An application for site plan control was made to construct a three-storey multi-use commercial building on vacant land located on SDG County Road 2 in Iroquois. The property is currently zoned “Highway Commercial – Special Exception 5 (CH-5)” which permits shopping centre, convenience store with drive-thru facilities, and dwelling units located above/attached to a permitted commercial or office use in the same building, in addition to the permitted uses in the “Highway Commercial (CH)” zone. Courtesy Photo
MORRISBURG – “The proposal is for a three-storey multi-residential/commercial mixed-use building,” municipal planning consultant Stephanie Morin said. “The proposal contains approximately 30 residential units on the second and third floor and the first floor would be commercial.”
During the May 9 Municipality of South Dundas council meeting, Morin recommended council approve a site plan control agreement bylaw for the Iroquois Gas Bar Ltd., which is located along County Road 2. Council members expressed concerns about potential traffic issues, as well as entering into an agreement with a numbered company. Following a discussion, South Dundas politicians decided to defer the bylaw until the proponent could be consulted about making a potential contribution toward the installation of a crosswalk and sidewalks.
“This footprint is about 7,500 square feet or 693 square metres,” she said. “The applicant did include a traffic impact study, and due to the increased traffic, there aren’t any proposed changes to Country Road 2’s entrance or the turning lanes. They did provide a servicing and stormwater management report, geotechnical report, phase 1 environmental site assessment (ESA), a topographic survey, and then the traffic impact study.”
Morin’s report stated that the property is zoned ‘Highway Commercial – Special Exception 5 (CH-5)’ which permits shopping centres, convenience stores with drive-thru facilities, and dwelling units located above/attached to a permitted commercial or office used in the same building, in addition to the permitted uses in the ‘Highway Commercial (CH)’ zone. In addition to a first-floor commercial enterprise and two upper-floor residential units, the site plan agreement also includes associated separate parking for commercial and residential uses, garbage facilities, snow storage, loading, and landscaping.
“We did have a legal review done due to the nature of the agreement and the clauses added to the bylaw to address the conditions,” Morin said. “Typically, when we see site plan applications made, they’re made by the current owner of the property and, in this case, it is an agreement of purchase and sale. So, the agreement that the bylaw will seek to enter into will actually be with the numbered company at a later date once that agreement of purchase and sale has been finalized. And the legal review also indicated there are to be no implications if council ends up in the position of the lame duck.”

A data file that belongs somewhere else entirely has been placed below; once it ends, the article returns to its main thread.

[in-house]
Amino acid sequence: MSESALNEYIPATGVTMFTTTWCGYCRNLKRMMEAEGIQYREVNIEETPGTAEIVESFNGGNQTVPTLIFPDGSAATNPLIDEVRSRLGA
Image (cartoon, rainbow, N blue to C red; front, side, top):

In her report, Morin said the municipal design review team reviewed zoning requirements (including parking and loading), stormwater, lot grading, and servicing, and provided comments back to the proponent. She said the proponents addressed concerns and met the indicated requirements. She said the proposal complies with the zoning. It was also noted that the plan provides “increased density of a variety of affordable residential uses.” Morin said the roughly 30 residential units are to consist of bachelor and one-bedroom apartments.
Deputy Mayor Kirsten Gardner suggested asking the company to contribute toward adding crosswalks, as she said there would no doubt be people walking across the road to the plaza rather than driving. While Mayor Steven Byvelds agreed with Gardner, Coun. Archie Mellan said the businesses pay taxes, and he’s not in favour of asking someone to contribute to the installation of a crosswalk on a county road. Morin did point out that if a turn lane is required due to the development, then the business would be responsible for the cost.
“As far as the bylaw goes, it just saves another meeting, where it’s already in the bylaw that the mayor and clerk can go ahead because we’ve already seen the bylaw. So, I’m all for it,” Coun. Lloyd Wells said. “And as far as the crosswalks go, well, you know what? That’s something you could have a challenge with. The other apartment building is right on the same road. There are already duplexes on that side of the road.”
Byvelds responded by referencing the amount the builder would have been paying if the municipality had development charges in place. Chief administrative officer (CAO) Shannon Geraghty estimated it would have been roughly $100,000. The issue of sidewalks was also raised.
“So, we’ve got discussions of sidewalks and discussions of crosswalks,” Byvelds said. “My suggestion on this bylaw is that we defer it until we have more clarification on those two items because right now the desire of council is that I don’t want to defeat the bylaw because that starts things in the wrong direction. Deferring it will allow the proponents to at least hear us out. Does that sound okay?”
Byvelds said it wouldn’t be deferred for long, as council would like to see it done before the lame duck period. He also said council is not there to stop stuff, but rather to ensure things are done right. The mayor’s council colleagues agreed, and the bylaw was deferred.